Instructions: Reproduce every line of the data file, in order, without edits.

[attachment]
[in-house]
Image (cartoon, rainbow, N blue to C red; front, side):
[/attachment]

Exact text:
[in-house]
Image (cartoon, rainbow, N blue to C red; front, side):